</p> <h2>Brazil’s evangelical turn</h2> <p>I study <a href="https://www.weforum.org/agenda/authors/robert-muggah">violence in Latin America</a>, and I’ve observed a sharp increase in reports of religiously motivated crimes in Rio de Janeiro since 2016, in particular <a href="http://america.aljazeera.com/articles/2014/9/13/prejudice-againstcandombleworshippersincreasesinbrazil.html">attacks on “<em>terreiros</em>”</a>—which are temples of the Afro-Brazilian faiths Candomblé and Umbanda.</p> <p>According to Brazil’s Commission to Combat Religious Intolerance, <a href="https://g1.globo.com/rj/rio-de-janeiro/noticia/2019/05/27/traficantes-dao-ordem-para-fechar-terreiros-na-baixada-fluminense.ghtml">over 100 Afro-Brazilian religious facilities</a> nationwide were attacked by drug trafficking groups in 2019, an increase on previous years. A national emergency hotline created to report such attacks finds that <a href="http://www.generonumero.media/terreiros-na-mira/">60 percent of incidents reported between 2011 and 2017</a> occurred in Rio de Janeiro.</p> <p>Persecution of these <a href="https://rlp.hds.harvard.edu/faq/african-derived-religions-brazil">Afro-Brazilian religions</a>, whose adherents are largely poor black Brazilians, <a href="http://www.publicadireito.com.br/artigos/?cod=13d83d3841ae1b92">has been around since at least the 19th century</a>.</p> <p>But the current wave of religious bigotry is more personal, and more violent, than in the past. As the <em>Washington Post</em> recently <a href="https://www.washingtonpost.com/world/the_americas/soldiers-of-jesus-armed-neo-pentecostals-torment-brazils-religious-minorities/2019/12/08/fd74de6e-fff0-11e9-8501-2a7123a38c58_story.html?utm_campaign=acts_of_faith&amp;utm_medium=Email&amp;utm_source=Newsletter&amp;wpisrc=nl_faith&amp;wpmm=1">reported</a>, Afro-Brazilian priests are being harassed and murdered for their faith. Candomblé and Umbanda practitioners fear leaving their homes. Terreiros have closed due to death threats.</p> <p>Rio’s Commission to Combat Religious Intolerance, a group created in 2008 by religious minorities, reported about 200 such incidents in the city between January and September this year—up from 92 in the entirety of 2018.</p> <script src="https://www.buzzsprout.com/299876/1302016-65-faith-is-a-profitable-business-in-brazil.js?player=small" type="text/javascript" charset="utf-8"></script> <h2><strong>Evangelicalism on the rise</strong></h2> <p>The increase in religious hate crimes coincides with the growing political and cultural clout of Evangelicals in Brazil. Evangelical lawmakers currently hold 195 of 513 seats in Brazil’s lower house of Congress, giving them the power to shape the national debate on abortion, religion in schools, gay marriage, and other social issues.</p> <p>Many Brazilian Protestants attend mainstream services, and are horrified by rising discrimination against those who practice other faiths.</p> <p>But the <a href="https://www.alternet.org/belief/dramatic-religious-shift-brazil-evangelicals-are-rapidly-overtaking-catholics">fastest-growing denominations in Brazil</a> are the harder-line <a href="http://www.pewforum.org/2013/07/18/brazils-changing-religious-landscape/">Pentecostals and Neopentecostal churches</a>–including the wildly successful <a href="https://rlp.hds.harvard.edu/faq/assembly-god">Assembly of God</a> and the Universal Church of the Kingdom of God.</p> <p>Both spread what is called the &#8220;<a href="https://www.christianpost.com/news/prosperity-gospel-latching-onto-evangelical-rise-brazil-amid-economic-hardship.html">prosperity doctrine</a>,&#8221; promising <a href="https://www.ft.com/content/9047c83c-197d-11e5-a130-2e7db721f996">personal salvation</a> and financial success to people who trust God, work hard and abstain from all alcohol, gambling and other vices.</p> <p>For many poor people in Rio’s favelas, this is an appealing offer.</p> <p>As ever more Brazilians convert to Evangelical Christianity, traditional religions are losing members. Between 2000 and 2010, when the last national census was taken, the number of Catholics in Brazil dropped 9 percent. Followers of Candomblé and Umbanda <a href="http://m.folha.uol.com.br/poder/2016/12/1844365-deixam-de-ser-catolicos-ao-menos-9-milhoes-afirma-datafolha.shtml?mobile">declined 23 percent</a>.</p> <figure class="wp-block-image"><img src="https://brazilian.report/wp-content/uploads/2019/12/evangelical-church-1024x683.jpg" alt="evangelical church" class="wp-image-29142" srcset="https://brazilian.report/wp-content/uploads/2019/12/evangelical-church-1024x683.jpg 1024w, https://brazilian.report/wp-content/uploads/2019/12/evangelical-church-300x200.jpg 300w, https://brazilian.report/wp-content/uploads/2019/12/evangelical-church-768x512.jpg 768w, https://brazilian.report/wp-content/uploads/2019/12/evangelical-church-610x407.jpg 610w, https://brazilian.report/wp-content/uploads/2019/12/evangelical-church.jpg 1200w" sizes="(max-width: 1024px) 100vw, 1024px" /><figcaption>Evangelicals raise their hands in prayer at the Assembly of God Victory in Christ Church in Rio. Photo: Leo Correa</figcaption></figure> <h2>Good v. evil</h2> <p>Some Evangelical leaders who preach the prosperity doctrine also see these <a href="https://www.washingtonpost.com/world/the_americas/afro-brazilian-religions-struggle-against-evangelical-hostility/2015/02/05/b6a30c6e-aaf9-11e4-8876-460b1144cbc1_story.html?utm_term=.1fb994c29b40">Afro-Brazilian religions</a> as dangerously un-Christian, even going as far as calling them evil.</p> <p>Edir Macedo, the multi-millionaire bishop of Brazil’s Universal Church of the Kingdom of God, <a href="http://portais4.ufes.br/posgrad/teses/tese_3321_Wal%E9ria_Vieira_de_Almeida.pdf">wrote</a> in <a href="https://blogs.universal.org/bispomacedo/2012/05/19/orixas-caboclos-e-guias-deuses-ou-demonios/">his 1997 book “Orixás, Caboclos and False Gods or Demons”</a> that Afro-Brazilian religions “seek to keep us from God. They are enemies of Him and the human race.”</p> <p>“This struggle with Satan is necessary … to eternal salvation,” he added.</p> <p>The book sold three million copies before it was <a href="http://www1.folha.uol.com.br/folha/cotidiano/ult95u115122.shtml">banned by federal authorities</a> in 2005. But Mr. Macedo still peddles his message to his estimated 5.2 million followers at 13,000 affiliated churches around the country.</p> <p>For preachers espousing a binary spiritual worldview, “good” Christians must wage holy war against “evil” practitioners of Candomblé and Umbanda.</p> <p>Though black commentators point out that this theological interpretation is just thinly veiled religious discrimination, some parishioners are heeding the call to “<a href="https://g1.globo.com/rio-de-janeiro/noticia/traficante-mais-antigo-no-poder-no-rio-guarabu-garante-liberdade-com-olheiros-e-propina-a-pms-da-ilha-diz-policia.ghtml">cleanse</a>” the world of Satan’s work.</p> <p>That includes a handful of drug kingpins, who prohibit adherents of Afro-Brazilian religions from practicing their faith in gang-controlled neighborhoods. Residents caught wearing the religious garb typical of Candomblé and Umbanda may be expelled from the community.</p> <figure class="wp-block-image"><img src="https://brazilian.report/wp-content/uploads/2019/12/shutterstock_1582826122.jpg" alt="Baianas wash the stairs of the Church of Bonfim" class="wp-image-29143" srcset="https://brazilian.report/wp-content/uploads/2019/12/shutterstock_1582826122.jpg 1000w, https://brazilian.report/wp-content/uploads/2019/12/shutterstock_1582826122-300x200.jpg 300w, https://brazilian.report/wp-content/uploads/2019/12/shutterstock_1582826122-768x512.jpg 768w, https://brazilian.report/wp-content/uploads/2019/12/shutterstock_1582826122-610x407.jpg 610w" sizes="(max-width: 1000px) 100vw, 1000px" /><figcaption>In some gang-controlled parts of Rio, just wearing the religious garb of Candomblé or Umbanda could lead to expulsion. Photo: Joa Souza/Shutterstock</figcaption></figure> <h2>The prison-to-church pipeline</h2> <p>My research suggests that <a href="https://brazilian.report/podcast/2019/07/31/brazil-prisons-became-war-zones/">Brazil’s chaotic, overcrowded prisons</a> exacerbate the Evangelical-gang connection.</p> <p>The government is only nominally in control of most public prisons in Brazil. In practice, they are <a href="https://www.nytimes.com/2017/01/04/opinion/brazils-deadly-prison-system.html">governed by one of Brazil&#8217;s leading drug trafficking organizations</a>, which run their trafficking and racketeering businesses there and <a href="https://www.washingtonpost.com/news/monkey-cage/wp/2017/01/17/brazils-prison-massacres-are-a-frightening-window-into-gang-warfare/?utm_term=.caf8689bc967">recruit their rank and file from behind bars</a>.</p> <p>Faith groups, too, have <a href="http://www.reuters.com/article/us-brazil-drugs-church/brazil-evangelicals-seek-drug-gangs-lost-souls-idUSN0132664320080915">a long tradition in Brazil’s prisons</a>. Previously, these <a href="http://carceraria.org.br/tag/igreja-catolica">prison ministries</a> were <a href="http://www.fbac.org.br/index.php/en/realidade-atual/map-of-the-apacs-in-brazil">predominantly Catholic</a>. Today, however, 80 of the 100 faith-based organizations subcontracted to run social programs in prisons <a href="https://global.oup.com/academic/product/if-i-give-my-soul-9780190238995?cc=us&amp;lang=en&amp;">are Evangelical churches</a>.</p> <p>As a result, charismatic Christianity has spread quickly through the criminal justice system.</p> <p>Jailhouse conversions are common. Inmates who adopt Evangelicalism are frequently housed in separate prison wings that <a href="https://conservancy.umn.edu/bitstream/handle/11299/137508/Johnson_umn_0130E_13041.pdf?sequence=1">are notable for their order and cleanliness</a>. Some have even <a href="http://www.researchonreligion.org/church-organization/andrew-johnson-on-pentecostals-in-prison-in-brazil">established their own ministries</a> inside jail. Developing positive relationships with local Rio pastors while in jail can tighten a gang’s grip on power once released.</p> <p>Converted traffickers control many Rio de Janeiro favelas, particularly in the Baixada Fluminense—a sprawl of townships in the city’s poor northern outskirts.</p> <p>Over the past century, the area has seen <a href="http://puc-riodigital.com.puc-rio.br/Texto/Desafios-2015/Explosao-demografica%2C-o-grande-no-da-Regiao-Metropolitana-25497.html#.WfKEnFtSyUk">waves of migration</a> from Brazil’s North and Northeast, where Afro-Brazilian religions have traditionally prospered. The Baixada Fluminense has at least 253 <a href="http://www.nima.puc-rio.br/images/MAPCMRA-RJ/TEXTOS/Cartilha%20Mapeamento%20com%20codigo.pdf">Candomblé and Umbanda terreiros</a>, more than any other municipality in the state.</p> <p>The Baixada Fluminense is also one of Rio’s most dangerous regions. Murder rates have fallen slightly across most of the city over the past decade, but not in the Baixada Fluminense. According to Brazil’s <a href="http://www.ispvisualizacao.rj.gov.br/Letalidade.html">Institute for Public Security</a>, 2,147 of the 6,714 murders reported in Rio state so far this year occurred in the Baixada Fluminense.</p> <p>Described by locals as the “Wild West,” the area is home to <a href="https://apublica.org/2017/09/a-baixada-fluminense-e-invisivel/">famously corrupt public officials</a> who have long worked with <a href="http://bandnewsfmrio.band.uol.com.br/editorias-detalhes/mp-denuncia-milicianos-da-baixada-fluminense">militia and mafia groups</a> to intimidate their rivals. This patronage relationship allows drug traffickers, Evangelical or otherwise, to operate with impunity.</p> <p>More than <a href="https://www1.folha.uol.com.br/ilustrissima/2019/09/relatos-apontam-proliferacao-de-ataques-as-religioes-afro-brasileiras.shtml">a third of violent attacks</a> on Afro-Brazilian temples this year occurred in the Baixada Fluminense.</p> <h2>Fighting back</h2> <p>The Brazilian government has started taking notice. In November 2019, the <a href="https://g1.globo.com/rj/rio-de-janeiro/noticia/2019/11/19/mpf-recomenda-reparacao-as-vitimas-de-ataques-a-terreiros-na-baixada-fluminense.ghtml">federal public prosecutor’s office</a> urged Rio de Janeiro authorities to compensate victims of religious intolerance both “materially and symbolically,” particularly in the Baixada Fluminense. But proposals on how to actually support them have yet to leave the page.</p> <p>Brazilian faith communities, in contrast, are actively fighting back against rising religious discrimination in Brazil. In September, an estimated 100,000 people joined Rio’s <a href="https://oglobo.globo.com/rio/pedidos-de-respeito-amor-dao-tom-da-12-caminhada-em-defesa-da-liberdade-religiosa-23949902">annual walk for religious freedom</a>, one of the largest gatherings since the procession’s inception 12 years ago.</p> <p>Evangelicals, Catholics, Baha&#8217;i, Buddhists, Jews and Hari Krishnas packed Rio’s iconic Copacabana beach. Dressed in white, the traditional color of Candomble and Umbanda religious celebrations, they marched in solidarity with Afro-Brazilians.</p> <p>There may be conflict in Brazil’s religious diversity, but there is unity, too.</p> <p>— <em>Dandara Tinoco contributed reporting.</em></p> <div class="wp-block-image"><figure class="alignleft"><img src="http://brazilian.report/wp-content/uploads/2017/10/logo-a0073854423c0c04eddfa9074f700eaf-300x24.png" alt="the conversation brazil article" class="wp-image-398" srcset="https://brazilian.report/wp-content/uploads/2017/10/logo-a0073854423c0c04eddfa9074f700eaf-300x24.png 300w, https://brazilian.report/wp-content/uploads/2017/10/logo-a0073854423c0c04eddfa9074f700eaf-768x61.png 768w, https://brazilian.report/wp-content/uploads/2017/10/logo-a0073854423c0c04eddfa9074f700eaf-1024x81.png 1024w" sizes="(max-width: 300px) 100vw, 300px" /></figure></div> <h6 style="text-align:right">Originally published on<br><a href="https://theconversation.com/brazil-must-protect-its-remaining-uncontacted-indigenous-amazonians-84141"><strong>The Conversation</strong></a></h6> <img src="https://counter.theconversation.com/content/128679/count.gif?distributor=republish-lightbox-advanced" alt="The Conversation" width="1" height="1" style="border: none !important; box-shadow: none !important; margin: 0 !important; max-height: 1px !important; max-width: 1px !important; min-height: 1px !important; min-width: 1px !important; opacity: 0 !important; outline: none !important; padding: 0 !important; text-shadow: none !important" /> <p>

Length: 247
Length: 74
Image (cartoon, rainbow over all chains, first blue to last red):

Robert Muggah

Robert Muggah is a specialist in cities, security, migration and new technologies. In 2011 he co-founded the Igarapé Institute – a think-tank working on data-driven safety and justice across Latin America and Africa, where he is currently the director of research.